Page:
It's midnight, and I should be in bed. I'm so tired, but my mind still whirls, worrying about things I can't change or redo or fix. It's easy to say that you have to leave your past behind and move forward, but in reality, we all carry baggage. And we get tired of carrying it.
One of the most powerful ideas in Christianity is being "born again." It's a phrase that comedians like to mock, but it carries within it true hope. The chance we all have every day to remake ourselves. To grow. To be better. To not be yesterday's person.
It's hard to change. Habits and friends can keep us imprisoned. And fear -- it's often easier to stay in an ugly room than to brave a dark hall. We cling to the familiar even when it's bad for us because we know what it is. We think we know how to handle it. We get used to it.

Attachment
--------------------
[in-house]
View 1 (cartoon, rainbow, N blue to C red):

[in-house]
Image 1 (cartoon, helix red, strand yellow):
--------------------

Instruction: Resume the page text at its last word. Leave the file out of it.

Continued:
I remember reading how the Nazi guards became accustomed to the evil they saw every day. It became commonplace. They chose to close their eyes and go along. They ate lunch a few yards away from where thousands of people died.
Easter is the cornerstone of Christianity. It's darkness, power, and glory. The Resurrection is the end of the beginning, and the world changed. I revere Easter. I can feel the sheer puissance of those final days as the world hangs in the balance. But ... I love Christmas.
Christmas is the beginning of the end of the beginning if you follow that. It touches me to think of that moment in a stable 2000 years ago when a young girl gave birth to the Son of God. When the night filled with angels and Magi followed a portent in the heavens ... That first unnamed Christmas was God's gambit, His choice to send His cherished son to a fallen world to give them a chance to start again, to be better people, to learn to love each other, to be born again as new people.
I had several people disapprove -- in a nice fashion, of course -- that I put up my Christmas decorations before Thanksgiving. I had plenty of reasons -- health and so on -- but the main reason was I needed to be reminded of that hope, that glorious hope that Mary and Joseph must have felt as they gazed on a newborn baby.